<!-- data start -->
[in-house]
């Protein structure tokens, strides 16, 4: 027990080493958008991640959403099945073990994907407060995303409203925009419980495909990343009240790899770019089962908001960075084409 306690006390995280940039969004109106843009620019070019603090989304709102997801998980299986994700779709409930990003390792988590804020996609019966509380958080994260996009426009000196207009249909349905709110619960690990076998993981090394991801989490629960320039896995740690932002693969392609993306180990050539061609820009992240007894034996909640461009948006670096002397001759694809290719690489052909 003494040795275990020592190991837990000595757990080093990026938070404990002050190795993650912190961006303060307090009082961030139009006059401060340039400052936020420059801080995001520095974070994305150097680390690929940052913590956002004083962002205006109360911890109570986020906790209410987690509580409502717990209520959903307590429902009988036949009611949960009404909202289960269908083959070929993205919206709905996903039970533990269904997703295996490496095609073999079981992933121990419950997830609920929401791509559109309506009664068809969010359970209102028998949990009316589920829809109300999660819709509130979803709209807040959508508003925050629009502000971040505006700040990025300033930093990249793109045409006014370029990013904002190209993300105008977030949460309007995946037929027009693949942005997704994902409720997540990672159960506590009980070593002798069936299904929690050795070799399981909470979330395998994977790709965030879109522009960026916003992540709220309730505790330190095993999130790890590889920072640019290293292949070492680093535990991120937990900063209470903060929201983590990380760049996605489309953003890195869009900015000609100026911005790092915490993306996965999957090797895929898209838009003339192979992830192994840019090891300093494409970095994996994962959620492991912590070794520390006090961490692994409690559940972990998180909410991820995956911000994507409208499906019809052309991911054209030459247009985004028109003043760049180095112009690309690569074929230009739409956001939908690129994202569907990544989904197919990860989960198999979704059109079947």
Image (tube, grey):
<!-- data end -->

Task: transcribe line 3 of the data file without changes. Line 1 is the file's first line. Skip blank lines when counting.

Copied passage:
Image (tube, grey):